Is processed meat now back on the menu?!
Is processed red meat back on the menu?
You may have seen this headline in the news lately, and I thought I should make a few clarifications. Nutrition research is incredibly challenging to carry out, and studies tend to be undertaken via self-reported food questionnaires. If someone asked you how often you eat processed red meat, what would you say? Three times a week? Two times a month? Have you ever thought about it, and have you counted? You see how difficult that question is to answer, unless you continuously made a food diary and looked back and counted.
In addition, you have to follow a cohort for a rather long time to get any sort of statistically relevant difference to analyse, so you’re looking at not just one opportunity for an inaccurate answer, but several. In addition, a person's diet and lifestyle has an extraordinary number of variances. How did you cook your meat? How many purple vegetables did you eat that same week - do you eat full fat or semi-skimmed dairy? All of these 'confounders' matter in the outcome.
This is some of the criticism the team of scientists made when reviewing the current evidence for red/processed meat and current recommendations, and they felt the evidence was not conclusive.
How we cook our red meat and how many antioxidant foods we consume is hard to study well, as again it creates a huge amount of variances to compare against each other. In addition, you might assume that a person who eats less red meat could be a health-conscious type with an interest in health overall, as opposed to a person who fries rashers of bacon for breakfast every morning. What the person might be switching their meat for is another enormous factor. Are they beans and lentils instead? If so, the fibre in beans will transform your heart health, diabetes risk, and colon health, creating different results. Even if the plate contained beans and meat, the beans would confer some benefit, again skewing the results.
Because nutrition research is so vague, what we tend to do is accumulate studies, and then take a view of the total results. There will be conflicting results in the studies, so often the total results will keep varying or be generally inconclusive, until it has reached a certain point of 'robustness'. We’re talking mountains of papers, including small studies which have little statistical significance, and larger studies with more statistical oomph, but often using people cohorts that are subpopulations of some sort, meaning there may be other lifestyle or behaviours which are typical of that cohort.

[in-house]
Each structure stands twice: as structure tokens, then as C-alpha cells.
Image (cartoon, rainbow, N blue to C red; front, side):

Nevertheless, we start to notice the total results appear to lean a certain way, and we might be able to conclude that the evidence is now sufficiently 'robust', and this is usually when recommendations are made, but again, it’s rarely clear cut.
Media reporting on the subject of meat and health is currently like Chinese whispers. Understanding statistical science is complex, and even the best statisticians will disagree on how to interpret the results. With regards to meat consumption, there has been an explosion of media and online reporting on this issue by laypeople and unqualified people, creating confusion and backlash. My old Nutrition textbooks told a very different tale than today's media hype, but I think we can safely say that processed foods are generally never a good idea.
As a little interesting anecdote, I can tell you that my mother (73) has had full-fat cream in her coffee every day of her adult life. She also loves cheese, butter, and was brought up on red meat (note - unprocessed and grass-fed). Her cardiovascular health is that of someone in their 20’s. She does however, eat no processed food, has eaten organic since the 80’s, now grows her own organic vegetables, and has always been lean.
Feeling frustrated with the constant flip-flopping of recommendations? I’d say you’d be pretty safe by following one rule; the rule of choosing 'natural state' foods.
Nutritionist Resource is not responsible for the articles published by members. The views expressed are those of the member who wrote the article.
About Linda Albinsson
Linda Albinsson is a highly experienced and qualified nutritionist specialising in areas of the microbiome, gut health, inflammatory conditions (skin, cardiovascular, pain and joint) and others… Read more
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